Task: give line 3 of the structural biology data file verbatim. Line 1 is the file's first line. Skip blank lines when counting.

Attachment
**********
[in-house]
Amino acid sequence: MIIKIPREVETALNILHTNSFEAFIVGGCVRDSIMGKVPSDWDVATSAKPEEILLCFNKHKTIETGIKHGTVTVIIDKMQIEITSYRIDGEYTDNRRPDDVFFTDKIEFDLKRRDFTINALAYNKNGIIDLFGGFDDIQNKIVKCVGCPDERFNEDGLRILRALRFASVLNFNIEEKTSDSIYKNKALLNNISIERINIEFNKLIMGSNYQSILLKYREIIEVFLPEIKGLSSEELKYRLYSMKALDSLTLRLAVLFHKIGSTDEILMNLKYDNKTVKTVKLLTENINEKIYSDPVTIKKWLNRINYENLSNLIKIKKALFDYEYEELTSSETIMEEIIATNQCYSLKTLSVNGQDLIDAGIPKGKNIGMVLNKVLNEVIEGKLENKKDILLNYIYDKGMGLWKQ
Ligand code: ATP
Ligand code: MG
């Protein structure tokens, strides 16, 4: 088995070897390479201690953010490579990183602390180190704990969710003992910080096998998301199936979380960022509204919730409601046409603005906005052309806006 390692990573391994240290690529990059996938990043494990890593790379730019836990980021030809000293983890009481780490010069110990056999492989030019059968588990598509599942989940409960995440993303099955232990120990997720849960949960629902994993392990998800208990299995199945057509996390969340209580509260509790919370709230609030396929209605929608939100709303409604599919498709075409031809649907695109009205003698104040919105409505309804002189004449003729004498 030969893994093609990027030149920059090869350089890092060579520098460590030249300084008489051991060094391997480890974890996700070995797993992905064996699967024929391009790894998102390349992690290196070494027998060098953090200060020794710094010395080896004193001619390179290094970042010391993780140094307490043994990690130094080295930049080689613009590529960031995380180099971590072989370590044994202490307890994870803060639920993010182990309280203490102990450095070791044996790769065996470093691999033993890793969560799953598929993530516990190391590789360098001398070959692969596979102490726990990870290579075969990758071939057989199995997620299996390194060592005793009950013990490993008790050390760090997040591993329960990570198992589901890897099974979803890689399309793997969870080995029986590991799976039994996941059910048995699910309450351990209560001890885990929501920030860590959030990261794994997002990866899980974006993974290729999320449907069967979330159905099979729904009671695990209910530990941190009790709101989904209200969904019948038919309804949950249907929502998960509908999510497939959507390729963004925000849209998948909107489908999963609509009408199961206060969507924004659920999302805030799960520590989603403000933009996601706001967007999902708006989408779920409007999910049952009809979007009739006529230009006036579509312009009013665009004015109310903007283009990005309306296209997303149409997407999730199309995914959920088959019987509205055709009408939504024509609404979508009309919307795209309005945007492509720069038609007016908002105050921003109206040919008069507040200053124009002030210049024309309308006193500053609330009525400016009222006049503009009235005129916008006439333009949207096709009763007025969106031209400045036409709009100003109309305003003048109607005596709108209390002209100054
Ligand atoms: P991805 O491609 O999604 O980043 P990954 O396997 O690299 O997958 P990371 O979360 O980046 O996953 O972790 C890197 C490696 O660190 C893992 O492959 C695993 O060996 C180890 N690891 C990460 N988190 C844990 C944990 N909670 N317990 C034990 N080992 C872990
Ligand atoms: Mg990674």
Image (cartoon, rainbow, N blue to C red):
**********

Ligand code: ATP